Bar-headed Goose (Anser indicus) is a medium sized goose that is not only known for its beautiful plumage, but for its ability to fly in extreme altitudes with ease. The small bill and legs of this species are an orangey-yellow color. Both sexes have white heads with black eyes, with two jet black bars extending from the back of their skulls towards the cheeks. The throat and back of the neck are also black, with a broad line of white plumage separating the two. The majority of Bar-headed Goose body plumage is silver, with dark brown or gray ribbing near the flanks. The underbelly to tail is white. In flight, the underside of Bar-headed Goose wings looks slivery gray, with the primaries and secondaries flaring with black.
The Bar-headed Goose reaches high altitudes over the Himalayan Mountain Range to make it to their breeding grounds in the Spring. Their lungs have adapted to the low oxygen levels due to their large lungs and are able to bind oxygen to hemoglobin more efficiently than other species. This species is highly gregarious during the breeding season, often forming colonies with over a thousand individuals. Pairs usually remain monogamous during the breeding season, and some pairs have been reported to stay with the same partner over the course of a few years. Breeding grounds are typically near mountain lakes. Their breeding range extends from Mongolia to Russia, Western China to Tibet, and to Kyrgyzstan.
BAR-HEADED GOOSE. Next-to-last unicorn on personal “Ducket List” that now exceeds 100 sub-species worldwide. Our paths finally crossed in Mongolia. Other unique species were ruddy shelduck, common shelducks and swan goose. Plenty mallards, pintails and Eurasian wigeons. The amazing Asian Steppe country of Mongolia was one of the most unlikely looking places we’ve ever waterfowl hunted, amazing culture and history. Will make it back one day in future. It was the second trip to Asia, in the steppes of Mongolia, that I managed to scratch a real unicorn off the list. Written about in ancient and mythological literature, bar-headed geese migrate at high altitudes in the Himalayan mountains, where there’s only 10-percent the amount of oxygen found at sea level. Their migration from wintering grounds in Southern Asia takes them through one of the most unique places you’ll ever hunt waterfowl. Very few grace the shelves of game rooms. #GetDucks in Mongolia.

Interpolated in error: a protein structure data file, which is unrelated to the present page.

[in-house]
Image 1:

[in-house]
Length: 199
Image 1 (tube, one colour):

Mongolia waterfowl hunting adventure for duck and goose species endemic to Asia, epitomizes true hunting adventure.
The Bar-headed Goose uses high altitude habitats at all times of year, preferring mountain grasslands or agriculture fields near fresh water marshes, lakes, and streams during the non-breeding season. They have been documented to use brackish water sources less frequently. While primarily herbivores, this Bar-headed Goose will add small fish and insects to their diet. During the winter, they will eat agricultural crops such as corn, barley, and rice from neighboring villages. Wintering grounds can be found in the southern Tibetan-Qinghai Plateau, India, and Bangladesh.
BAR-HEADED GOOSE ADVENTURE. That time scratched a last unicorn from the list. Bar-headed goose, highest flying in the world. Traveled to Mongolia. In April. Proving once and for all that it’s not the bird but where the quest takes. And what an adventure. Three-day detour through China commencing with a firearm fiasco, but soon saw the massive ancient palaces, ate Peking duck each night because learned don’t really like what I’ve considered Chinese food my whole life. Hiked the Great Wall of China that was built over centuries to keep Ginghis Kahn’s world-conquering armies at bay. And then rural Mongolia, where little has changed since. And by little i mean like horses tethered outside the ger family home in middle nowhere but with a TV satellite dish, me wondering what the homeowners thought of Hollywood beaches beaming at them when it was -50 outside. Three million people, 33 million head of livestock big and small, not a single fence. They’re nomads still. Slept in traditional gers ourselves, eating boiled mutton, drinking mare’s milk, lots of vodka; driving forever down tire tracks through the remote Asian steppe, visiting ancient horse shrines, remote wetlands pockets that held waterfowl variety both familiar and unique. A favorite hunt for mallards and pintails in a valley never before hunted. Rare swan geese decoying to the dove mojo decoys i brought. Didn’t bathe for 10 days. Didn’t matter. Would have brought the wolf coat and hat home had it been possible, so warm my glasses fogged in the minute it took to snap photo. The taxidermied bar-headed goose a reminder of so many things there’s not room to type. And many more reasons to return.